Posts

Showing posts from June, 2016

Help Us Complete the Story at A.C.T.!

Image
Theater is an art form where everyone in the room plays a part. Watch the video and learn why people who work and study at A.C.T. love the art of theater and the way it affects the world around us.



We want to hear your story too. Check out our website to tell your A.C.T. story. All gifts made before June 30 help us meet our $100,000 Complete the Story Challenge and will be matched dollar for dollar. How will you contribute to A.C.T.'s next chapter?

Hear A.C.T.'s Untold Stories—Albert Rubio

Image
Theater is an art form where everyone in the room, especially the audience, plays a part. Albert Rubio, a third-year student in A.C.T.'s Master of Fine Arts Program, tells his story.



We want to hear your story too. Check out our website to tell your A.C.T. story. All gifts made before June 30 help us meet our $100,000 Complete the Story Challenge and will be matched dollar for dollar. How will you contribute to A.C.T.'s next chapter?

Preparing for Crack. Rumble. Fly.: The Bayview Stories Project

Image
By A.C.T. Stage Coach Fellow Ariella Wolfe

Police brutality. Gentrification. Marginalization. For some, these are political buzzwords, but for many residents of the Bayview-Hunters Point neighborhood, they are a daily reality. The play Crack. Rumble. Fly: The Bayview Stories Project, by Aleshea Harris, premieres this month on A.C.T.’s mobile stage unit in Mendell Plaza and gives voice to these struggles as well as the beauty, joy, and pride of this community.

Two years ago, A.C.T.’s Stage Coach began building relationships with community members in Bayview-Hunters Point and commissioned Harris to write a script based on their stories and inspired by a classic Greek play. The thoughts, dreams, and questions shared by community members during A.C.T.-coordinated story circle workshops ultimately informed Harris’s creative decision to adapt Sophocles’s Oedipus the King. The cast of Crack. Rumble. Fly. is made up of professional and community actors from Bayview-Hunters Point and the grea…

Hear A.C.T.'s Untold Stories—Arnie Glassberg

Image
Theater is an art form where everyone in the room, especially the audience, plays a part. Arnie Glassberg, a board member of A.C.T.'s Master of Fine Arts Program, tells his story.



We want to hear your story too. Check out our website to tell your A.C.T. story. All gifts made before June 30 help us meet our $100,000 Complete the Story Challenge and will be matched dollar for dollar. How will you contribute to A.C.T.'s next chapter?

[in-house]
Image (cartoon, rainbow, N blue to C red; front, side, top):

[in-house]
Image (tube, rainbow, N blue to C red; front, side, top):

Understanding Understudies

Image
By Shannon Stockwell

The longer you work in theater, the more you gather tales of dramatic disasters, and the more you realize the resilience of theater makers who rally under the old adage: “The Show Must Go On.” Some problems can be anticipated, however, and that’s where understudies come in.

For A.C.T.’s production of The Last Five Years, a two-person musical by Jason Robert Brown, we had two amazing understudies, but no one expected them to have to go on because the run was so short—only three weeks long. But illness struck, and both understudies ended up having to perform at different times. And, if you were at the performance on Saturday, May 28, you would have gotten to witness a special moment in theatrical problem solving when Margo Seibert, who was recovering from illness, was struck by a coughing fit in her first song and an unscheduled fifteen-minute intermission was called while her understudy, Kelsey Venter, prepared to go onstage as Cathy.

To get the scoop on the myster…

The Story behind The Last Five Years

Image
By Shannon Stockwell

After writing the music and lyrics for Parade, a musical about the 1913 trial of Jewish factory manager Leo Frank, Jason Robert Brown was burnt out. “I had been working on [it] for five years and [it] ran for three months,” Brown says. “It was too exhausting and too hard and the therapy cost more than the royalties.” His first instinct was to get out of show business, but as he was planning where to go, Lincoln Center Theater (LCT) called him and said they wanted to commission a piece.
He began to explain an idea he had been working on: an intimate song cycle about the relationship between a man and a woman (the polar opposite of Parade’s 30-odd cast members). And as Brown was explaining, he came up with the idea of the two timelines crossing and meeting in the middle. LCT approved his idea. But Brown found that he couldn’t create something that belonged only on a concert stage, like Songs for a New World. “It was at that point—when I was writing about these two …